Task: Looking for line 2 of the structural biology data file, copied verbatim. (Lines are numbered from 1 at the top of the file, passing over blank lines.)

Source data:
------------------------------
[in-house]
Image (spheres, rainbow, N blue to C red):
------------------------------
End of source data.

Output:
Image (spheres, rainbow, N blue to C red):